Mobile networks will begin taking measures next year to promote smartphone brands that place the smallest strain on their networks, according to CSS Insight.
"The exponential growth in data traffic is placing enormous strain on network capacity. For many years operators have complained that some devices use considerably more data than others," the research firm said in its 2011 predictions report.
"We predict that in 2011, operators will begin to differentiate their tariffs and device subsidies to prompt users to consider less data-hungry devices and operating systems."
Furthermore, GSMA chief executive Rob Conway revealed that global mobile penetration is on track to reach 100 percent in 2012, where mobile subscriptions will match global population figures for the first time. This means that demand for mobile data is higher than ever.
According to Rysavy Research analyst Peter Rysavy, BlackBerry devices are more efficient in using network bandwidth than any other mobile platform. They use five times less bandwidth for email, two times less for web browsing and 2.5 times less for social networking.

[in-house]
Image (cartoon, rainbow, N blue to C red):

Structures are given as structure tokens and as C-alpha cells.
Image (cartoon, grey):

"The CCS Report discusses a very real issue, which needs to be addressed by the entire mobile ecosystem. There is only a finite resource in mobile bandwidth, and we see it as the responsibility of all vendors to design and build products which are as efficient as possible in their use of this scarce resource," said Stephen Bates, managing director of RIM, which manufacturers BlackBerry devices.
Bates added that as BlackBerry devices use less bandwidth than other operating platforms, "You can have three BlackBerry users in the same wireless spectrum as any other smartphone.
"As a consumer you can do more in your data bundle," he added.